“You can only lose what you cling to”
I have a picture in my head of letting go… I see a hand slipping out of another hand… moving forward with confidence, maybe not yet with competence, but knowing that it can be done.
Why is it so difficult to let go? Letting go of comfort, control, habit, security, youth, dependency…
I was faced with letting go of my kids. First, it was my daughter. It was involuntary, hard – even cruel. The biggest lesson there was that, sometimes there is no reason, no answer to the “why”; it just is what it is. My motto became “no attachment to the outcome”. It became a war cry, a meditation, a prayer for the long, dark nights. But it prepared me for the letting go of my son.
His going was much more gentle, mutual and peaceful. Still sore, he has just left for Stellenbosch; close enough for weekends, far enough not to be able to daily nurture him. It made me realise that timing is everything. There is a time for nurturing, for close mothering and then there is a time to let go…with love…to start a new relationship. This relationship is based on respect, trust and hopefully, maturity.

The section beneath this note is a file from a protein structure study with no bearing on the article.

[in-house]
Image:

David Whyte talks about conversations that we should stop having. It becomes very tough when you need to stop “hovering”. You are holding yourself and your child back. The Buddhist philosophy is cemented on the principle of no attachment; a very difficult principle to ‘live’. Maybe it is because an attachment can be followed with expectations. Expectations of how someone should behave, outcomes, life…this sets us up for disappointment. Phillip Moffitt says expectations are always the result of a “wanting mind”. He advocates to rather focus on possibilities. It opens up opportunities, it is present time. I try and apply it in relation with my kids. Hafiz’s beautiful poem sums it up:
All this time
The Sun never says to the Earth,
“You owe me.”
With a love like that,
It lights the whole sky.”
For more reading on the “Tyranny of Expectations” by Phillip Moffitt: http://dharmawisdom.org/teachings/articles/tyranny-expectations